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A Rural Potato-Chip Maker Brings New Jobs

Financial and Social Impact

  • Jobs created: 17 new jobs
  • Reached nationwide market penetration from expansion efforts

Dakota Style is an unlikely name for a snack maker, yet the small company has gained a respectable following across a broad swath of the Midwest.

What began as a family business on a farm near Clark, South Dakota, 25 years ago has a market reach today from Canada to the Mexican border and from Denver to Chicago. Much of that growth is thanks to a $175,000 loan from Rural Electric Economic Development (REED) that went toward much-needed capital and the purchase of new packaging equipment.

Dakota Style, which makes a unique line of potato chips and other snacks, had shown it had tremendous potential but its rural location put it too far off the beaten path much of the year for interstate truckers. With new financing―which Dakota Style was unable to get through a traditional lender ―the company was able to relocate to a more accessible and modern facility, and go forward with a 48-state product initiative.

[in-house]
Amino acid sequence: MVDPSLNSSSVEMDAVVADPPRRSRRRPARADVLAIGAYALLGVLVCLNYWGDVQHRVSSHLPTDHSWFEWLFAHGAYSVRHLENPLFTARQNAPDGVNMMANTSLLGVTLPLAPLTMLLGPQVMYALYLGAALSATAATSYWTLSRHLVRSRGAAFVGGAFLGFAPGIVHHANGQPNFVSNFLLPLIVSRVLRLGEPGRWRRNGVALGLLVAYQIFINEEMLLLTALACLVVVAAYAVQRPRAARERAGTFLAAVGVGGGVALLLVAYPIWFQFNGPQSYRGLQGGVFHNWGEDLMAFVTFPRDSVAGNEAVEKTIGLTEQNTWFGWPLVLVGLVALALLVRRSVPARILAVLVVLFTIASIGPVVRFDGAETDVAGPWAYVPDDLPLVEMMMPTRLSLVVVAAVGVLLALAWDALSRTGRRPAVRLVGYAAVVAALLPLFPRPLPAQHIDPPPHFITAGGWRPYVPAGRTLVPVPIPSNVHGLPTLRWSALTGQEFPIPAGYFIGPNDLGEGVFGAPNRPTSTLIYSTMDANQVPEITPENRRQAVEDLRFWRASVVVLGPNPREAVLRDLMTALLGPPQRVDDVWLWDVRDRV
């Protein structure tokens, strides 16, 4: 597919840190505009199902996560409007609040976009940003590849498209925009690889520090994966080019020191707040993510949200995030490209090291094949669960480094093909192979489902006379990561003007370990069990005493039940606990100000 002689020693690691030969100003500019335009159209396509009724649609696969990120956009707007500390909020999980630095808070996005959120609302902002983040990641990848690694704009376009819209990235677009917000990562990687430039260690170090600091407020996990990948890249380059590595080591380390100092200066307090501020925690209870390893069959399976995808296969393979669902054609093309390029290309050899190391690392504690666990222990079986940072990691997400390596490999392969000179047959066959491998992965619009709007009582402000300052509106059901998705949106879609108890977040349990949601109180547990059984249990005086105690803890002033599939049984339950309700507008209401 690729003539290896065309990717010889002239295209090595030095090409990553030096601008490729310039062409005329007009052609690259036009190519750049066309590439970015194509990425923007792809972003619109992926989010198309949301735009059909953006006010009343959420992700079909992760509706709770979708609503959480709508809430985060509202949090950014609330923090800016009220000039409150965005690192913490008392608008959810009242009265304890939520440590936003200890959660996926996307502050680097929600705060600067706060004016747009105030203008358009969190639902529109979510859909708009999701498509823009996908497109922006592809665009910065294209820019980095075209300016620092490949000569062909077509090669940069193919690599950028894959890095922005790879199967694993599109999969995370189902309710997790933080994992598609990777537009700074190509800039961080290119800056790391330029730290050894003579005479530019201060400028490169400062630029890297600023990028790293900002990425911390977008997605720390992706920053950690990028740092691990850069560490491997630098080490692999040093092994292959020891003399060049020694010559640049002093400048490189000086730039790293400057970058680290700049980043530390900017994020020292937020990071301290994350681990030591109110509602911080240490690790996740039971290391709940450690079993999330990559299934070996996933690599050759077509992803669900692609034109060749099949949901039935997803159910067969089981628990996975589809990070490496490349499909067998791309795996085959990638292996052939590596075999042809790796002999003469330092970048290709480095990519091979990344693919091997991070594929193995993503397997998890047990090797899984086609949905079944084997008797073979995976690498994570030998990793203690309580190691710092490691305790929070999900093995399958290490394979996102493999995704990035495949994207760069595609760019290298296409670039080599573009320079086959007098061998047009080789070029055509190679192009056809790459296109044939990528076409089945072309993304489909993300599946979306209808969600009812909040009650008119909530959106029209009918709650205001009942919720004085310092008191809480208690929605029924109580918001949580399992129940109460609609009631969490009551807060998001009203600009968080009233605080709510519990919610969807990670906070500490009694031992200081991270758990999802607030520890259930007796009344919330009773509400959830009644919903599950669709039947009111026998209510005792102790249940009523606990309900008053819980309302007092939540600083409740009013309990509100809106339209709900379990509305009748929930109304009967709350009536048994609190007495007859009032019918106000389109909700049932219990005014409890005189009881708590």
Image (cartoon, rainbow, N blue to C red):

As the population of Clark has declined steadily in recent years, its economy has weakened and jobs have grown so scarce that even small-company growth like that created by Dakota Style are important.

REED’s core guidelines help explain why Dakota Style was a prime loan candidate: “To recognize agriculture’s impact on the region’s economic base, REED makes loans to support projects that add value to local agriculture production through innovation, improved services, further processing or marketing.”

(Date of loan: 2013. Date of story publication: 2013)